[Met Performance] CID:303280
Fidelio {181} Metropolitan Opera House: 01/31/1991.

(Debuts: Hartmut Welker, Helen Donath, Andreas Schmidt
Review)


Metropolitan Opera House
January 31, 1991


FIDELIO {181}
Beethoven-Sonnleithner/Breuning/Treitschke

Leonore.................Elizabeth Connell
Florestan...............Gary Lakes
Don Pizarro.............Hartmut Welker [Debut]
Rocco...................Kurt Moll
Marzelline..............Helen Donath [Debut]
Jaquino.................Donald Kaasch
Don Fernando............Andreas Schmidt [Debut]
First Prisoner..........Michael Forest
Second Prisoner.........James Courtney

Conductor...............Christof Perick

Production..............Otto Schenk
Stage Director..........Bruce Donnell
Designer................Boris Aronson
Lighting designer.......Gil Wechsler

Fidelio received six performances this season.

Review of Tim Page in Newsday

A Fireless Return of 'Fidelio' at the Met

Ludwig von Beethoven's only opera, "Fidelio," returned to the Metropolitan Opera House Thursday night, in a performance that steadfastly refused to catch fire. In truth, the work is fairly flame-retardant to begin with, for all of its many felicities. Beethoven labored on "Fidelio" for most of a decade, and it sounds that way. There is a studied, measured quality to its progression and a near-complete absence of dramatic urgency. "Fidelio" is one of those operas ("Samson et Dalila" is another) that can be presented in concert form with little diminishment, for the merits of the work are chiefly musical.

Unfortunately, the Met's musical execution was, for the most part, only so-so, and the representation of the drama was downright drab. Otto Schenk's 20- year-old production now seems clichéd and dingy, with its succession of grays and abstracted slabs of junk metal; the director learned a lot on the way to his triumphant "Ring," which is now one of the jewels in the Met repertory.

Christof Perick's conducting, while competent, never rose above the workman-like; it was actually possible to listen unmoved to the prisoner's chorus. Elizabeth Connell was an earnest but uninspiring Leonore: she sang with musicianship and intelligence and got off a few strong high notes, but her voice has neither the heft nor the luster that one wants from this particular part, and her acting was unprepossessing. As Florestan, Gary Lakes sounded distinctly parched and his high notes bordered on the scattershot. Hartmut Welker, in his Met debut as Don Pizarro, has a notably harsh bass voice; moreover, he tended toward what Schoenberg might have called "shout-singing," and his characterization seemed to derive from the standardized "evil Hun" portrayal that has been with us since the days of Erich von Stroheim.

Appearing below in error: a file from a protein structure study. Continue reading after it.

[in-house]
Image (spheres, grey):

There were elements to admire. Bass Kurt Moll is a wonderful artist and brings an elegance and empathy to every role he sings (in this case, the jailer Rocco). Helen Donath, well-known to record collectors for the better part of two decades, made the first Met appearance of her career and the sweetness and warmth she brought to the role of Marzelline made one wonder why it took so long. Finally, Donald Kaasch and Andreas Schmidt were acceptable in their respective roles of Jacquino and Don Fernando.

It may seem callow and unnecessary to reaffirm the fact that "Fidelio" is a wonderful work of music, but few of its glories were apparent on Thursday night. For a little more than $20, you can own the Otto Klemperer performance, recorded some 30 years ago on EMI Angel. Money well spent - better spent, I'm afraid, than on this dispiriting production.



Photograph of Helen Donath as Marzelline and Donald Kaasch as Jaquino in Fidelio by Winnie Klotz/Metropolitan Opera.



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